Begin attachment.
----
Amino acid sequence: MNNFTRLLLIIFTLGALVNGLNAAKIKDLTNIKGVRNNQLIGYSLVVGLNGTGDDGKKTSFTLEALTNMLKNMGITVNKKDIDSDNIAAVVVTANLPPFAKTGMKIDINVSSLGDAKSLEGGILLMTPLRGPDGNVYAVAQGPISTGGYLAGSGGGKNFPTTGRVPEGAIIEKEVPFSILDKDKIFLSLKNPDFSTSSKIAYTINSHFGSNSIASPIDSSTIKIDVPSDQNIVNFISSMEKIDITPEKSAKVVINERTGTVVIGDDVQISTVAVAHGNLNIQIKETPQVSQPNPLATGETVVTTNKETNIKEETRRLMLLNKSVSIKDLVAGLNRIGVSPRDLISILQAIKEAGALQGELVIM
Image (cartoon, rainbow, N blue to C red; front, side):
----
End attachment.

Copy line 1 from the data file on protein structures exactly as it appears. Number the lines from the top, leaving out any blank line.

Amino acid sequence: MNNFTRLLLIIFTLGALVNGLNAAKIKDLTNIKGVRNNQLIGYSLVVGLNGTGDDGKKTSFTLEALTNMLKNMGITVNKKDIDSDNIAAVVVTANLPPFAKTGMKIDINVSSLGDAKSLEGGILLMTPLRGPDGNVYAVAQGPISTGGYLAGSGGGKNFPTTGRVPEGAIIEKEVPFSILDKDKIFLSLKNPDFSTSSKIAYTINSHFGSNSIASPIDSSTIKIDVPSDQNIVNFISSMEKIDITPEKSAKVVINERTGTVVIGDDVQISTVAVAHGNLNIQIKETPQVSQPNPLATGETVVTTNKETNIKEETRRLMLLNKSVSIKDLVAGLNRIGVSPRDLISILQAIKEAGALQGELVIM